I think the team was to blame for much of the last few years. Porte has been a top rider for awhile, so minus bad luck, what would make him mess up? The planning and prep from the team management. That is my thinking. Could he have won a GT with a better team or prep... not sure if I will go that far. Still, I like Porte and glad to see he is doing well.Richie has taken back some of his reputation this year after some horror Tours. I didn't expect he would consistently be with the leaders.
His team have done well in support since the crosswind aberration. I expect him to finish fourth but I'm hoping for third. Either way it's his best grand tour performance. 2016 was the one that got away re the podium and 2017/18 was just a nightmare.Race still isn't over but he has overcome a lot. Has to hold hold off for 3 more stages.
That only happens in the movies................if he misses the podium he can blame the crosswind stage which is a shame but that's what grand tour racing is about. You have to be alert every day. Even this week Porte has been spending too much time at the back of the bunch. So far it has worked for him. He has been dicing with danger doing it even with a team mate beside him. Of course he's not the only one to do it but someone like Evans or Froome would be sitting behind the Jumbo train all stage or for most of it. Obviously for Porte it takes the pressure off him to ride like that but when Sivakov fell yesterday near the back of the bunch, Porte just missed the accident being close by.So this is the last weekend of Porte as a GC rider (in GTs at least).
Just imagine if lady luck comes knocking on his door tomorrow after he makes a very good time. Something like raining cats and dogs, making Porte the yellow jersey.
Grit, confidence and a relaxed mind. I definitely noticed the latter two traits in Evans when he won and in Porte this Tour. Lets see what that means in the TT. He can only do his best and see if that is enough.It's above the shoulders. Porte seems to just have a bit more grit about him this tour, and if you're fighting for podiums in a GT, you need a lot of grit. Maybe it's the birth thing, maybe it's the pain of all the missed chances + next year heading to dom duties. He's usually been too mild mannered - remember that time when Froome attacked him in the Dauphine, and he was like 'wtf?' and Froome was like 'we're on different teams, GC is ruthless.'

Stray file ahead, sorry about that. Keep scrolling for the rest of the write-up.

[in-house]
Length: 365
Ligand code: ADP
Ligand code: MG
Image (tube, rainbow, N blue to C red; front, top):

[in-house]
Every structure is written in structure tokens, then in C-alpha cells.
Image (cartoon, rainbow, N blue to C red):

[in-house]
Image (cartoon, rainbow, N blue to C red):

Similar to Evans, as LS pointed out. Evans always had grit, but always lacked confidence in key moments. The WC win changed that.
Not always actually. McEwen and Van Summeren have both said that Evans' positioning in the bunch in 2005-08 was not great, with a lot of nervous, wasted energy. They've also suggested it was a factor in not winning the 2007 and 08 Tours.One good thing about Evans was that he always had a very good positioning.
Maybe but the bigger factors in 2007 and 2008 were missing a split carelessly and losing seconds that cost him the race and then his crash in 2008. Letting the split go instead of reacting immediately when the front group was full of GC riders was a bad mistake.Not always actually. McEwen and Van Summeren have both said that Evans' positioning in the bunch in 2005-08 was not great, with a lot of nervous, wasted energy. They've also suggested it was a factor in not winning the 2007 and 08 Tours.
McEwen in particular said he had to show him how to move up through the peloton and read the movement of the riders in the bunch.